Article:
Linking up with DIY Show Off
http://diyshowoff.com/category/other/that-diy-party/

Thursday, June 19, 2014

My Home Depot Story


On a couple occasions I have been known to browse tumblr. When browsing I often look at #feminist posts as I personally identify as a feminist myself and think that it is important to listen (or read) other peoples’ stories. More than once, although not many more, I have read the story of a woman going into a home depot, or store like it, and having employees assume that she had no idea what she was doing when she was fully capable find, buy and put to use everything she needed. In one story a man whom everyone assumed knew exactly what he was doing, in fact, desperately needed help and had never built anything before in his life.


(Quick Side Note: I’m down the road less than a mile from a kids camp and I think they just put a rooster up to a megaphone to wake everyone up…either that or that was the LOUDEST ROOSTER EVER!!! And I know how loud roosters can be.)


Anyway, back to home depot.

After today, I have a home depot story of my own, albeit a little different from these stories.
I went in looking to get some wood to make a clothes line, for my new found trailer living J and one that I am now very proud of and will be making a how-to post for. I had gone in with most of a plan but was wondering the lumber aisle looking at all the different sizes and lengths and seeing what they had so I could pick the perfect materials. I was in no rush so I meandered my way back and forth. While I was looking at the pressure treated ten foot 4x4s, a store employee (male) came up and politely asked if I needed any help, as I’m sure he would do to any customer staring blankly at a pile of wood.

I pondered for a moment thinking, Do I need help? What are all the things I need and do I know where they all are? After just a couple seconds I looked at him and said “No, thank you.”

He smiled, replied “Alright.” And kept walking. That was all.

I finished looking around, grabbed everything I needed, two 4x4s, one 2x4, a 2x2 along with some hook 
screws and command hooks (to hang my animal calendar!) and made my way to the check-out line.

I was helped by a different employee, this time a woman and I was thinking to myself, How great is this? No one assumed I needed more than I let on and now I’m being helped by a woman working the lumber section! Last time I was there I was helped by a trans person, Go home depot!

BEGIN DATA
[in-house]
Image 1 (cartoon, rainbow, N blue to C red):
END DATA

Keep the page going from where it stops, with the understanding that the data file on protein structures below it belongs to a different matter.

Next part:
But it was the friendly check-out counter conversation that ruined it all for me. She was probably just trying to be nice and make a connection, as many people do when working retail, but I wish she had done it another way. She took a look at what I had (not as though she could have avoided it while scanning everything) and told me “A piece of advice: Always try to get someone else to do it for you.” All while donning this ‘you know what I mean’ smile.

My first thought was, No way! This is my project, I want to do this all on my own, ain’t nobody else doing it for me. And I should have just let that role right off my tongue, but for some reason I didn’t. I tried to play it off with “Oh, haha, I don’t think I can pull that off this time.” The inner conflict avoider is strong in me.

She followed that up with “Yeah, but it’s still good advice.” Very matter of fact. She wasn’t asking my opinion of her advice, she was just letting me know that she was right. I smiled and walked out with my newly purchased lumber.


I wish I had stayed. I wish I had said something. That is terrible advice! For everyone! I mean, if there is something you need done and you legitimately are unable to do it yourself, that’s one thing. Actually, that’s not even in the same ballpark because that is just asking for help, which I don’t think pertains to what she was saying at all. What she meant was, never do something that you can coax someone else into doing for you. So I wish I had stayed and asked her a couple of questions.

Who exactly should I be getting to do these things for me? A family member? A friend? A big strong, good looking man? A stranger? By the 'you know what I mean' smile she had given me, I had at the time assumed the big strong man. But why would that be the go-to person? Because they are so willing to prove just how strong and manly they are? Well that is making a very large assumption about a great many people right there. It is perpetuating all of the expectations that we put on men and women that are completely stupid. 

And how exactly should I be getting this strong man to do these things for me? With my womanly wiles? (another assumption I made from that face she made) So I am supposed to get myself all dolled up and pretend to be completely helpless, a real life damsel in distress, to trigger his need to prove he can do it, just so I don't have to? Well that is messed up on a few levels. If I were to simply ask someone, knowing full well that I am completely capable and not trying to hide it, to do things for me, why would they? Even if they were a good friend, there is no reason for them to because I wouldn't be acting very friendly towards them.